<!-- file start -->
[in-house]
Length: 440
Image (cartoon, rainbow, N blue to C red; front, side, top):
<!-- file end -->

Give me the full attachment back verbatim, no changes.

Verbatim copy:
[in-house]
Length: 440
Image (cartoon, rainbow, N blue to C red; front, side, top):